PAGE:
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I'm stucked at very simple and stupid situation. Let me describe the situation - at home i have a Windows Server 2008 R2 computer, which is used with Hyper-V technology, where another PDC Server 2008, Exchange and other testing virtual machines are running. I've bought a domain name, with possibility to manage domain records. The main question is how to configure DNS server on PC server station with possibility to work with domain name both locally and globally.

The LAN configuration is following:

Dedicated ip address, linking to DI-524 Router, where DMZ zone set for IP of PC server station. This will result, that all requests, from internet will lead to Server station PC.

Really don't have any ideas :( help me brothers and sisters !

Thanks !

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<disclaimer> If you're doing this to learn how DNS works, then I say "right on", but if you have any intention of using these services for anything beyond just learning how it works, I can't stress strongly enough that having a single DNS hosted in the same location as your web servers is a bad move.

There are plenty of commercial DNS providers (some free, most not) that will take care of all of this for you, take the worry of hosting your own DNS off your shoulders and may even offer you a 100% SLA at very reasonable prices.</disclaimer>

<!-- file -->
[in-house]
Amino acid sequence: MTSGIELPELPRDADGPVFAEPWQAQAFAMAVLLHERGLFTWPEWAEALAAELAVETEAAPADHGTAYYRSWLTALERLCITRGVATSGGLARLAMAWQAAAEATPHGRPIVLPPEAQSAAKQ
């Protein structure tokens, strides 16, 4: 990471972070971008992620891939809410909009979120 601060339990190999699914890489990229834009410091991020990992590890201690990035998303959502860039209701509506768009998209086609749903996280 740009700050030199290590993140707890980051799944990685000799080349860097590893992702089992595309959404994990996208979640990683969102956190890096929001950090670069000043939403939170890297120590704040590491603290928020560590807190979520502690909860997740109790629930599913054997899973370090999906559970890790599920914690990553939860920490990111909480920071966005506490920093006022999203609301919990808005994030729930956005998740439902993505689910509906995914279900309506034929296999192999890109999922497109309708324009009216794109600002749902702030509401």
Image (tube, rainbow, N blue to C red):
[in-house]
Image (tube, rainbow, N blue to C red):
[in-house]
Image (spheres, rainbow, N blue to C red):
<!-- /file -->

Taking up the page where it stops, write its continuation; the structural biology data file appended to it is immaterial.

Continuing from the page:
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Agreed! Setting up split-DNS services on the same system as your web server can be a bit of a headache and single point of failure. If you're interested in a free DNS service, I'd suggest ZoneEdit. They've been very reliable for me... ZE isn't appropriate for business infrastructures but for home networks it should suffice. – Mike B Feb 3 '10 at 21:27
Thanks for reply, i'll have a mind. What's the main problem point for this situation - router ? – Vladimir Lukyanov Feb 3 '10 at 21:28
@VoVA - the main problem is all the single points of failure. One internet connection, one router, one switch, one server. A single point of failure for something as critical as DNS (which is more critical than the web server) is dangerous – Mark Henderson Feb 3 '10 at 22:28
@Farseeker, as i said - it's possible to hold NS records on NIC service provider. NS records is very critical for DNS, right ? PS Can you offer some DNS education lessons ? :) – Vladimir Lukyanov Feb 3 '10 at 22:48
The first step though is to choose which DNS service you want to run. Seeing as you have your hand on a Windows Server box, there's no reason you can't run your Windows Server box as your DNS using the built-in DNS service. You'll just need to open up your firewall and port forwardings to enable the service to be queried from outside your network. – Mark Henderson Feb 3 '10 at 23:08

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